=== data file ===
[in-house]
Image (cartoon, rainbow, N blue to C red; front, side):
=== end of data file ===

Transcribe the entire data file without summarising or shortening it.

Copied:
[in-house]
Image (cartoon, rainbow, N blue to C red; front, side):